Empathy is not just for direct reports but should also be included with relationships with indirect reports and peers. Some executives like to ‘walk the floors’ and listen to people to get to know them especially when they start a new position. This quality can be learned somewhat especially by adding notes to a contacts file, but that only provides a ‘robotic’ approach to empathy. Sincere empathy comes from the heart and is easily distinguishable from insincerity.
Leaders exhibit empathy by getting to know and understand the people they work with. They have to generally like people and like working with people to be the most effective. It is also a considered one of the requirements for effective leadership by Dr. Cosgrove.
Vision is being able to see things others don’t see or before others can see it. People with vision can sometimes see the endgame before it even begins. The challenge for such visionaries is getting others to see the vision to gain their buy-in. This process can be very frustrating for people with this natural quality because the people they work with, especially in healthcare, are so used to doing things a certain way and can be reluctant to make any changes. This is a quality that can be learned to a degree using decision making processes and tools, but those with natural vision can reach the same or better direction more efficiently with a better understanding of the most important variable – the human factor.
Leaders with vision can effectively chart the course for where they need to go and communicate that vision in a manner that everyone can understand. Good leaders chart the course by providing direction. Great leaders make their followers feel good about where they are going.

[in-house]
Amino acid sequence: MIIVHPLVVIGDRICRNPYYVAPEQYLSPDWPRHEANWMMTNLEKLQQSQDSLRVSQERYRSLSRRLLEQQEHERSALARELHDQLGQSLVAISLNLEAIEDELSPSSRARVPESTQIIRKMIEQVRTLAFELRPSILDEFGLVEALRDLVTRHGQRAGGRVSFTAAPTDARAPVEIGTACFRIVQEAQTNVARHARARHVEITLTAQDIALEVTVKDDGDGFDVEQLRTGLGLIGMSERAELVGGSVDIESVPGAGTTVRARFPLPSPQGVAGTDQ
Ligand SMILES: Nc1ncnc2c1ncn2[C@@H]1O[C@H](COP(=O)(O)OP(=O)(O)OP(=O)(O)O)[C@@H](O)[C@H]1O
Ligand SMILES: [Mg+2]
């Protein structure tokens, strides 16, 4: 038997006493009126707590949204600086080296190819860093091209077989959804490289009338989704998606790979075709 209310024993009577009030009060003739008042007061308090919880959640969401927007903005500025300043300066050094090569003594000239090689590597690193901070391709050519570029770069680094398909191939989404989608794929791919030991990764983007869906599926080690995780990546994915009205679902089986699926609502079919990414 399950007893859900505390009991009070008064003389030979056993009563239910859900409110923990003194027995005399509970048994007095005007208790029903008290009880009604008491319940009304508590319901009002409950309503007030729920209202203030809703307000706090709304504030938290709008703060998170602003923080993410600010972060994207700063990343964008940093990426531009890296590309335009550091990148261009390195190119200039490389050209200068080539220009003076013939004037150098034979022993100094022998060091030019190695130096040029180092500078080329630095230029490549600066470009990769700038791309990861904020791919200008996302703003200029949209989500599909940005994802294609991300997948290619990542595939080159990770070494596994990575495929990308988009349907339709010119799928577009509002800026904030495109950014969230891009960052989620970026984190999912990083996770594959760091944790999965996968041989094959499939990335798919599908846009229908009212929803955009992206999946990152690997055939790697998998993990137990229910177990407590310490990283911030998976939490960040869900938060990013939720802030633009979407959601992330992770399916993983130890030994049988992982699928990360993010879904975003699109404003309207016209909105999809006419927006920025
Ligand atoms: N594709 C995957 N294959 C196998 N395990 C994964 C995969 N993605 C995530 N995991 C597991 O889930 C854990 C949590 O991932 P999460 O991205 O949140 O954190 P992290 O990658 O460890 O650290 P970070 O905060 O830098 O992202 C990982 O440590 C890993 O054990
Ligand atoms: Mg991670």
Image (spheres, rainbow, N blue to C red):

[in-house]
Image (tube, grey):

Risk-Taking is built in to becoming a leader. By accepting the position, the leader has fundamentally accepted a certain amount of risk. The leader needs to be prepared to accept the good as well the bad outcomes that may occur. There are several types of risks the leader must be prepared for including: reputation risk, career risk, interpersonal risk and financial risk. Being at the front of the team or organization opens the leader to the “arrows” potentially pointed at their back. If the leader can’t accept criticism or negative feedback, maybe they should consider another position.
Leaders who take risk aren’t just taking risks for risk’s sake. The risk is calculated and weighed against the potential for success or failure. They have to be ready to try new things when necessary and adapt their leadership style to the situation. Calculating risk is a skill that can be learned, but the nature of leadership requires the leader to accept a certain level of risk with the position.